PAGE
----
IMIRINGI, Nigeria, July 14 (Reuters) – Nigerian youths broke into a Niger Delta crude oil flow station owned by Royal Dutch Shell (RDSa.L: Quote) on Thursday in protest at what they said was the firm’s failure to provide their communities with electricity.
Shell said it was engaging with the protesters who had tampered with its Kolo Creek oil installations in a manner that posed a serious threat to people and the environment but it did not state that any production was affected.
“We are protesting (because) Shell has failed to honour a Global Memorandum of Understanding that if they have electricity in their base, we also should enjoy the same,” said a local community leader who was part of the protest.
Witnesses said the youths had locked themselves in the flow station and the military had arrived to secure the area. A spokesman for a joint security task force said the protest could continue if it did not impact the general public.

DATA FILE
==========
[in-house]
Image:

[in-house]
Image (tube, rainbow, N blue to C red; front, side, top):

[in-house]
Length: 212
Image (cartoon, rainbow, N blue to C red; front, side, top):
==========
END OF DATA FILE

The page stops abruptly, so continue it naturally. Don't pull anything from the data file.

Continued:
Shell said it had been delivering electricity to the region in line with an agreement in 1999 but the communities had expanded and demand for power exceeded its installed capacity.
“As an alternative, SPDC (Shell joint venture) facilitated the hook-up of the communities to the Bayelsa Electricity Supply Board (BESB) grid, and also supplies gas to the BESB gas turbine at Imiringi,” Shell said in a statement.
“The communities have been enjoying stable power from the facility, but it is understood that the plant is currently undergoing major refurbishment.”
Shell has been operating onshore in Africa’s most populous nation longer than any other foreign energy major.
The Anglo-Dutch oil giant has been the target of sabotage attacks and protests for decades from communities who feel foreign oil companies have grown rich from the oil reserves under their feet, while they continue to live in poverty.